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DIRIGO, KY: An Adair County village has mysterious, almost mythical aura

Arkansawyer bought whole town, lock, stock, and barrel, 20 years ago
Several photos accompany this story
By Ed Waggener
ed@columbiamagazine.com
A never ending story: Tips, facts, anecdotes, corrections, and photos, maps, and directions are welcome for additions from time to time
To most Adair Countians, Dirigo, KY, is a place of mythical proportions. Nearly everyone has heard about it. They know it is in Southern Adair County. And the main resident, a transplanted Arkansawyer, is about as famous as any among us.

Because so few Adair Countians could actually recognize Cherokee, or have ever seen Dirigo, the man and the place retain a aura of mystery.

It is an enchanted place. Nestled in a pretty southern Adair County valley on Harrods Ford Creek.

For those only knowledgeable of the major Adair County towns, it is southeast of Sparksville, East of Breeding, and west of Chance and northwest of Inroad.

Mayor, judge and town council is Vietnam era veteran

Harold "Cherokee" Allinson, Vietnam Veteran, is the Mayor, Judge and Town Council, all in one, in the now private village of Dirigo in southern Adair County.

Unlike actress Kim Bassinger's disastrous experience buying the entire Georgia town of Brazelton, Cherokee's town is now one of long term stability and normalcy. His governance and proprietorship has has been more of preservation than development.

Dirigo hasn't changed much. Cherokee putters with the buildings, making slight changes, but basically it's got the look of a half century ago.

The community's, i.e. Cherokee's, financial soundness is a result of low expenditures and a very high soldier's retirement, he says.

For the most part, there is little agri- or horticulture. But Cherokee does have some kiwi plants growing. They've never borne fruit. Grapes he's planted did bear, but not for his benefit. "The deer ate them," he says, "before I could get any." Cherokee has a wall of medals and says he turned down the Congressional medal of Honor "because they wouldn't also give them to the two Montaignards who had fought beside me."

He says missed getting one medal for some rowdiness

He says he also missed one award after socking a Colonel, whom, he said, cheapened the awards by landing some officers, flown onto the post-fighting battlegrown, by helicopter, for the sole purpose of putting the non-combants into a combat arena so they could receive medals. "Here we were with 350 dead bodies around us," he said scornfully, "and they do that."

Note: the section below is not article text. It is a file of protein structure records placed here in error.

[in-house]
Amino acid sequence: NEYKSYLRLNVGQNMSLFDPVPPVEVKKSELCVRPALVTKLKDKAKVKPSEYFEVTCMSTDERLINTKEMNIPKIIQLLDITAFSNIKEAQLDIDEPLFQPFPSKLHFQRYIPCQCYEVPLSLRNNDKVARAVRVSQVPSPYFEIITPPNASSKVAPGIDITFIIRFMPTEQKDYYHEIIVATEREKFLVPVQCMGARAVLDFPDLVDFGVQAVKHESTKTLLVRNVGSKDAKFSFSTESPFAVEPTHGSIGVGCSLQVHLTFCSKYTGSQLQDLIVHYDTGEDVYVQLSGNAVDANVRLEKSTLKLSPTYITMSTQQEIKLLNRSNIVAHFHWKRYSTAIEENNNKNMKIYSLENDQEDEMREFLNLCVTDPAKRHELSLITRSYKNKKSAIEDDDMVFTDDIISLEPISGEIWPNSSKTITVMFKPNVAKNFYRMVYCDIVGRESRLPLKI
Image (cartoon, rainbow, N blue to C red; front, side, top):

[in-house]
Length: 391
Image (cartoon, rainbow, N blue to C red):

He still relives his wartime experiences, pointing to the flag and sign he made with 7 bullet holes in it, from brutal days on the battle field.

Too many movies in his head to watch others about Vietnam

He says, ". . .naw I don't watch no movies about Vietnam, there's already too many movies in my head . . .my mind goes a million miles a minute."

Found out about town from real estate flyer

He responded to a flyer 20 years ago and bought the whole town, a home, country store and garage on 32 creek bottom acres for $12,000.

He has his own water, heat and says he won't drink beer nor do drugs. But he does have a little whiskey every day.

The store is now used only for storage, but he's made a number of changes to the house.

Cherokee grew up the son of lawman in Benton, AK

The son of Beryl Allinson, Benton AK, left there with his Mom after Dad's death. He says he had a brief stint in the Saline County, AK, jail for some juvenile mischief, and he left Arkansas.

He and his mom wound up on Oak Street in Louisville in a $10 a week apartment, he says.

While in Louisville he says he got a notice from the draft board back in Arkansas. They were going to draft him, but, at 18 he jumped the gun and joined the Army. He volunteered for Special Forces, and ended up in Vietnam, he says.

Dirigo was a thriving community until shortly after WWII

Dirigo was a thriving community until the late 1940s. Several hundred people would often get necessities on Saturday. Good roads and easy access to bigger stores in Columbia spelled it's end, old timers remember.

Excellent account in Ernestine Bennett's book